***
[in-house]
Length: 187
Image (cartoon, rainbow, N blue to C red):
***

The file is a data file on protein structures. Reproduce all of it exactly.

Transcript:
[in-house]
Length: 187
Image (cartoon, rainbow, N blue to C red):